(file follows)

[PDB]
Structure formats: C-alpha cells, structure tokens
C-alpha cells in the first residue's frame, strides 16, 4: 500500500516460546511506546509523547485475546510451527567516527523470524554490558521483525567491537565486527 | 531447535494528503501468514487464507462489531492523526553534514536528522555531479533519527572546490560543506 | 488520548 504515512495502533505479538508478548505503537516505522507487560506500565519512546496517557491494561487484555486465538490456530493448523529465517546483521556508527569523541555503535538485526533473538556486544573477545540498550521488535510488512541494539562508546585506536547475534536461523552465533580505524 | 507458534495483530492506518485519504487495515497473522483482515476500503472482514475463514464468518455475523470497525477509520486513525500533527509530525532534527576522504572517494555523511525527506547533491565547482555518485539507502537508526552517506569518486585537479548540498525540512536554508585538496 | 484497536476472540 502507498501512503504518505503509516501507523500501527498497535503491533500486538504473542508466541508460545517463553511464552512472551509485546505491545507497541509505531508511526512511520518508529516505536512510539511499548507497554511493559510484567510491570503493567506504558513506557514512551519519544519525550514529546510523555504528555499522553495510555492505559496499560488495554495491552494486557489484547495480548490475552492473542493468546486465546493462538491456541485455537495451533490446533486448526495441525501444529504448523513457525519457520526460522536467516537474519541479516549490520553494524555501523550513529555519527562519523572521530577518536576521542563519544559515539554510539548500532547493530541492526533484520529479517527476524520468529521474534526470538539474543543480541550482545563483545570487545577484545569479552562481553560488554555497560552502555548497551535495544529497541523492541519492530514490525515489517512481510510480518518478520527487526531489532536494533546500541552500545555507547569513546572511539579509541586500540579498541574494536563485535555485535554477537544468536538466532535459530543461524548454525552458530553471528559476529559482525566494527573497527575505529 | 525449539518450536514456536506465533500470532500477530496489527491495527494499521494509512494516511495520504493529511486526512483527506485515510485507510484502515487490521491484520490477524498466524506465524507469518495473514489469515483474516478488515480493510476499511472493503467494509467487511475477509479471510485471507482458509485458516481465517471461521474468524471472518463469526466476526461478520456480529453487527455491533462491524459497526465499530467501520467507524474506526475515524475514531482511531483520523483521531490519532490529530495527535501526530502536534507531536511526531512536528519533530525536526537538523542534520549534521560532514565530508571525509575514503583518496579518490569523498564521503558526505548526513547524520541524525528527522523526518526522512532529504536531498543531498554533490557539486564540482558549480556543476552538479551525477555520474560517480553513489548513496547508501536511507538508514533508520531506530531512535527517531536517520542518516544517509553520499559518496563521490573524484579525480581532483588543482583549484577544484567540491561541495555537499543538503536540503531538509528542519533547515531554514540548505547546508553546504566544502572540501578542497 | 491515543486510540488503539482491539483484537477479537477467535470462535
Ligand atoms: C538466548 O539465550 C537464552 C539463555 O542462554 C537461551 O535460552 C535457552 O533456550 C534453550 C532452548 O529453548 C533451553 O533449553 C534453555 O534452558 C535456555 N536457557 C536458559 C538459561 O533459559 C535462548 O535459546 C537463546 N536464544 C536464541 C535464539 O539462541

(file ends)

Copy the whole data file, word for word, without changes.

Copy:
[PDB]
Structure formats: C-alpha cells, structure tokens
C-alpha cells in the first residue's frame, strides 16, 4: 500500500516460546511506546509523547485475546510451527567516527523470524554490558521483525567491537565486527 | 531447535494528503501468514487464507462489531492523526553534514536528522555531479533519527572546490560543506 | 488520548 504515512495502533505479538508478548505503537516505522507487560506500565519512546496517557491494561487484555486465538490456530493448523529465517546483521556508527569523541555503535538485526533473538556486544573477545540498550521488535510488512541494539562508546585506536547475534536461523552465533580505524 | 507458534495483530492506518485519504487495515497473522483482515476500503472482514475463514464468518455475523470497525477509520486513525500533527509530525532534527576522504572517494555523511525527506547533491565547482555518485539507502537508526552517506569518486585537479548540498525540512536554508585538496 | 484497536476472540 502507498501512503504518505503509516501507523500501527498497535503491533500486538504473542508466541508460545517463553511464552512472551509485546505491545507497541509505531508511526512511520518508529516505536512510539511499548507497554511493559510484567510491570503493567506504558513506557514512551519519544519525550514529546510523555504528555499522553495510555492505559496499560488495554495491552494486557489484547495480548490475552492473542493468546486465546493462538491456541485455537495451533490446533486448526495441525501444529504448523513457525519457520526460522536467516537474519541479516549490520553494524555501523550513529555519527562519523572521530577518536576521542563519544559515539554510539548500532547493530541492526533484520529479517527476524520468529521474534526470538539474543543480541550482545563483545570487545577484545569479552562481553560488554555497560552502555548497551535495544529497541523492541519492530514490525515489517512481510510480518518478520527487526531489532536494533546500541552500545555507547569513546572511539579509541586500540579498541574494536563485535555485535554477537544468536538466532535459530543461524548454525552458530553471528559476529559482525566494527573497527575505529 | 525449539518450536514456536506465533500470532500477530496489527491495527494499521494509512494516511495520504493529511486526512483527506485515510485507510484502515487490521491484520490477524498466524506465524507469518495473514489469515483474516478488515480493510476499511472493503467494509467487511475477509479471510485471507482458509485458516481465517471461521474468524471472518463469526466476526461478520456480529453487527455491533462491524459497526465499530467501520467507524474506526475515524475514531482511531483520523483521531490519532490529530495527535501526530502536534507531536511526531512536528519533530525536526537538523542534520549534521560532514565530508571525509575514503583518496579518490569523498564521503558526505548526513547524520541524525528527522523526518526522512532529504536531498543531498554533490557539486564540482558549480556543476552538479551525477555520474560517480553513489548513496547508501536511507538508514533508520531506530531512535527517531536517520542518516544517509553520499559518496563521490573524484579525480581532483588543482583549484577544484567540491561541495555537499543538503536540503531538509528542519533547515531554514540548505547546508553546504566544502572540501578542497 | 491515543486510540488503539482491539483484537477479537477467535470462535
Ligand atoms: C538466548 O539465550 C537464552 C539463555 O542462554 C537461551 O535460552 C535457552 O533456550 C534453550 C532452548 O529453548 C533451553 O533449553 C534453555 O534452558 C535456555 N536457557 C536458559 C538459561 O533459559 C535462548 O535459546 C537463546 N536464544 C536464541 C535464539 O539462541